Just as Natalie is trying to approach poetry, she is herself approached by a beautiful older woman. Natalie is enthralled—she has already noticed this woman from across the park, while sitting on a bench and trying to write a nature poem for class. The woman’s demeanour has its own specific poetry, or perhaps a poetry that the aspiring young writer imbues her with: “She held the handle of her umbrella as though at any moment she might use it to shift gears.” As the woman rises and moves toward Natalie, “the air around her seemed shyer, it seemed to softly petal from her.” Nora pointedly asks Natalie how old she is, but doesn’t offer her own age once Natalie tells her that she’s 18. It doesn’t take much for Natalie to fall desperately in love with Nora, who, it turns out, is in her mid-to-late 30s and recently separated from her wife. Nora still lives in the impressive marital home, where Natalie visits nearly every night after class.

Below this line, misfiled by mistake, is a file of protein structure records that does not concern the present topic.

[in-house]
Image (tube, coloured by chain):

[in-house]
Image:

“It would be easy to position Natalie as a victim—of her own desire, of a predatory older lesbian—but Fischer smartly avoids this.”

Nora’s apparent self-assurance, combined with her unexpected interest in Natalie, is irresistible. Natalie is enthralled by Nora’s beauty, but also by the effect of Nora’s attention. Earlier, feeling out of place on campus, and consumed with worry about every tiny decision she makes, Natalie wonders “if soon, someone would tell me what I should be.” Nora, she decides, is that person. Nora looks at her “as though I were real.” There is an insidious risk to this, of course, and the reader can see the emotional danger of this relationship more and more clearly as Natalie loses herself in it. In addition to being so much older and more experienced than Natalie, Nora has secrets that threaten to break the relationship apart—and we slowly, through details carefully choreographed by Fischer, surmise what has motivated her to strike up this thoroughly imbalanced romantic relationship with a teenager, smart and thoughtful as Natalie is.